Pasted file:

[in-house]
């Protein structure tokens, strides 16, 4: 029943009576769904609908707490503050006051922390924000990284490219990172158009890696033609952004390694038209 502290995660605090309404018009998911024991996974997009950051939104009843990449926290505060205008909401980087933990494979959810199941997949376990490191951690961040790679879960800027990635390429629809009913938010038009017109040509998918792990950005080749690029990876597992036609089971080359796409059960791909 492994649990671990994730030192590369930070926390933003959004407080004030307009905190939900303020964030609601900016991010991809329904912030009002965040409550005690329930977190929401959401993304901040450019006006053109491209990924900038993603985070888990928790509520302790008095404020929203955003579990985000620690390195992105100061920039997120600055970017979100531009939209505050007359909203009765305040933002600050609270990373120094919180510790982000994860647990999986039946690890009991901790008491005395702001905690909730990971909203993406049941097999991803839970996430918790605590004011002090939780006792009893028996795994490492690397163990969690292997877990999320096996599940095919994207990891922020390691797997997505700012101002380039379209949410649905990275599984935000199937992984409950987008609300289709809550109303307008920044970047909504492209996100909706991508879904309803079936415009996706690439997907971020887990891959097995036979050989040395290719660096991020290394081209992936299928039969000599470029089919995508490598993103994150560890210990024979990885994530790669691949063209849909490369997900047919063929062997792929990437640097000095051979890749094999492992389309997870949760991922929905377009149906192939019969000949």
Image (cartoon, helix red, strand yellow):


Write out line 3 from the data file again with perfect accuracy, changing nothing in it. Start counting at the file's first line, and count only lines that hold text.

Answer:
Image (cartoon, helix red, strand yellow):